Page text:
Since the pioneer work of Kline et al.  devoted to the understanding of the role of coherent structures in turbulent boundary layers (as streaks, vortices and hairpins), the structural point of view of wall turbulence gives new insight about turbulence dynamics (see the recent review of Jiménez ). The study of coherent structures, their spatial and time scales, their mutual interactions as well as their relationships, is fundamental to develop low-order models allowing us to describe mechanisms involved in wall turbulence (see Panton ). In that respect, as first suggested by Hamilton et al. , it is now commonly accepted that a self-sustaining process near the wall plays a major role in both the large-scale dynamics and the production of turbulent kinetic energy. The latter process relies on the formation of streamwise velocity streaks and their nonlinear breakdown. The linear part of such a process is caused by a so-called lift-up mechanism. Jiménez  also stressed that, in spite of the turbulence requires nonlinearity, there is strong evidence that the emergence of coherent structures as well as the main part of energy production mechanism in wall-bounded turbulence can be described by a linear model. Structural approaches based on a linearization about a turbulent mean flow were first introduced by Reynolds and Hussain . A linear dynamical system for the organized motion is specified where a triple decomposition of the instantaneous flow fields, which decorrelates the random part from the coherent part of the motion, is used. To model the coherent part of the Reynolds stress, the authors introduce an eddy viscosity by assuming that the large-scales feel the dissipation from the smaller ones. However, by considering only asymptotic solutions, their analysis fails to describe accurately the coherent structures of a turbulent channel flow. In 2006, Del Alamo and Jiménez  reconsidered the linear model, proposed by Reynolds and Hussain , by tracking coherent structures which may be sustained in short times. The most amplified modes are computed for given time horizons and then compared with the turbulent structures in a channel flow. The analysis shows that the coherent structures which gain the maximum energy in the transient time reproduce the organization of turbulence in a channel flow both in terms of spatial and temporal scales. Such an attempt extends the previous results obtained by Butler and Farrell  in 1992 who used a similar transient growth theory (see Schmid and Henningson for a review in a laminar regime ) where the influence of the background turbulence onto the large-scale motion is not included in the equations. To take into account the effect of the dissipation due to the turbulence, Butler and Farrell  constrain the time horizon with an appropriate turbulent eddy turnover time. Further investigations carried out by Pujals et al.  for a turbulent channel flow and Cossu et al. for a turbulent boundary layer confirm the relevancy of linear optimal transient growth analyses, capable of providing characteristic features of wall-bounded flows. In particular, the previous authors emphasize that the modes are mostly amplified for infinitely elongated structures in the streamwise direction. In addition, the curve associated with the maximum energy gain exhibits two optima. For the turbulent boundary layer, Cossu et al.  show that an optimum in energy gain is scaled in inner units with a spanwise wavelength View the MathML sourceλz+≈81 (View the MathML sourceλz+=λz/δw with δwδw the wall viscous length scale). This spatial scale is consistent with the size of streaky structures involved in the autonomous cycle of near-wall turbulence . A second optimum is scaled in outer units and is also seen to widely extend in the inner region. This observation is in agreement with experiments which report a scaling in outer units for the very large-scale motion lying in the outer region and a footprint of these structures in the inner layer . Nevertheless, both the streamwise and spanwise wavelengths are overestimated by the most amplified structure whereas suboptimal modes are more consistent with experimental observations. More recently, Sharma and McKeon  described additional features in a turbulent channel flow by computing optimal response modes, i.e. modes leading to an optimal gain in energy with respect to a localized forcing. For instance, an appropriate superposition of the leading optimal modes predicts the organization of hairpin packets and the dynamics of very large-scale motion in the outer region, as described by Kim and Adrian . Sharma and McKeon  illustrate that such very large-scale structures may arise naturally, rather than by a summation of hairpin packets. This theoretical analysis contradicts thus the model proposed by Kim and Adrian . The singular value decomposition of a linear operator, the so-called propagator in the time domain and the resolvent in the frequency domain, is a common aspect of all the previous studies referenced above. Hence, the optimal modes associated with the most amplified singular values appear relevant to describe some fundamental features of coherent motions in turbulent shear flows. Nevertheless, such a linear analysis fails until now to predict some mutual dependency between the large-scale structures associated with the outer region and the coherent structures which populate the inner region. More particularly, as underlined by Mizuno and Jimenéz , the mutual interactions between the inner and outer layers for wall-bounded turbulence remain an open question. For example, how the large-scale motion in the outer region would continue to exist in the absence of the near-wall structures. Hwang and Cossu  have recently tackled this fundamental question through a Large Eddy Simulation of a turbulent channel flow with a Smagorinsky subgrid model. The authors show that an increase of the Smagorinsky constant is able to damp the small-scale coherent motion near the wall. As a consequence, the near-wall self-sustaining cycle is suppressed. The large-scale structures associated with the outer region are not modified. This analysis highlights that the large-scale dynamics in the outer region are almost independent of the near-wall cycle which dominates in the buffer layer. One may also remark that such an analysis further supports Townsend’s wall similarity hypothesis  for rough walls stating that turbulence outside the inner layer is unaffected by surface condition. This hypothesis is quite controversial and is the scope of extensive research in both experiments ,  and  and numerical simulations ,  and . Although Townsend’s wall similarity hypothesis is still an open problem, there is some evidence that a part of discrepancies observed in the literature are caused by the different roughness geometries that are used . From the above discussion, it seems relevant to assume that the linear optimal transient growth model used by Del Alamo and Jiménez , Pujals et al.  and Cossu et al.  is appropriate to describe both the inner layer and the outer layer coherent structures. Hence, in order to support the scenario proposed by Hwang and Cossu , one may investigate the amplification of optimal modes associated with the outer region when the most amplified singular value for the inner region is damped. It is interesting to further explore this fundamental question by means of a theoretical analysis based on the sensitivity of the leading singular values to mean flow modifications. A mean flow modification may be caused, for instance, by riblets, roughness elements or an actuator. In a linear stability framework, Bottaro et al.  seek to determine the effect on the asymptotic linear stability of a base flow deviation, of a given amplitude, from the ideal base flow. By introducing a so-called sensitivity function, a standard variational procedure is employed to target the optimal base-flow modification that maximizes (or minimizes) the temporal growth rate of a selected eigenmode, when assuming a fixed deviation parameter. A transition scenario involving the exponential growth of small disturbances is thus proposed by Bottaro et al.  in order to explain the triggering of turbulence for asymptotically linearly stable parallel shear flows as Couette flow. This concept is extended by Marquet et al.  in the control of the onset of unsteadiness behind a cylinder in a laminar regime. More recently, Meliga et al.  push forward such theoretical tools to control large-scale unsteadiness in a turbulent wake past a D-shaped cylinder. The latter authors compute the natural shedding mode by a linear stability analysis performed on the linearized U-RANS equations. Hence, Meliga et al.  assess sensitivity maps for the shedding mode with respect to small turbulent mean flow deviation caused by a small control cylinder. In particular, they identified the regions in which the small control cylinder has the most impact on both the frequency and the amplification rate of the shedding mode. All analyses discussed above focus on asymptotic behaviour. Brandt et al.  extend such a concept by considering the sensitivity of the optimal transient energy growth to a base flow modification, i.e. the leading singular value of the governing operator. The flat plate laminar boundary layer is used to illustrate their purpose. After having derived an analytical expression for the sensitivity function, the authors show the effect of a small base flow deviation on the lift-up mechanism and also its impact on the Tollmien–Schlichting waves. It is thus clear that sensitivity to mean flow modification analyses allows us to identify a transition scenario, mutual interactions between two competitive mechanisms, as well as passive control strategies. The present research is an attempt to push forward the theoretical concepts of Brandt et al.  for turbulent flows. For that purpose, the sensitivity framework detailed in  is extended to the governing operator used to compute coherent structures in turbulent shear flows by ,  and . More particularly, we would like to emphasize the mutual interaction between the inner and outer layer large-scale motions and also to provide a theoretical framework to damp the autonomous cycle of near-wall turbulence. To achieve such a goal, the line of thought is as follows: after having presented the turbulent boundary layer mean flow profiles, we address the basic concepts of optimal transient growth and sensitivity analysis for a turbulent mean flow. Then, we present the sensitivity functions for a mean flow modification for both the optimal modes associated with the inner and outer regions. The optimal mean flow deviation which stabilizes the optimal mode for the inner region is thus tackled. Hence, the mutual interactions between the inner and outer large-scale motions are highlighted, as well as the optimal distorted turbulent mean flow. A final part is dedicated to some discussions and prospects.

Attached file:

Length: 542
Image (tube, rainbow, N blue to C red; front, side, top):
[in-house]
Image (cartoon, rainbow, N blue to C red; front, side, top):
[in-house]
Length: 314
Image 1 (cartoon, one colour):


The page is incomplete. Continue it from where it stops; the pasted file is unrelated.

نتیجه گیری انگلیسی
In conclusion, the present study extends the sensitivity analysis based on optimal transient growth developed in a laminar framework by Brandt et al.  to turbulent flows. The existence of two overlapping regions is a common feature of turbulent shear flows, such as pipes, channels, and boundary layers. In that respect, the case of the turbulent boundary layer is chosen, which may be considered as a canonical turbulent shear flow. It is illustrated, through a sensitivity analysis of mean flow deviation, that the amplification processes of coherent structures which populate the inner and outer regions are decoupled. In addition, our analysis could provide an efficient tool to design the control strategy for turbulent flows by acting on coherent structures. Finally, the extension of our study to nonparallel turbulent flows, for instance separated flows, could be an interesting prospect.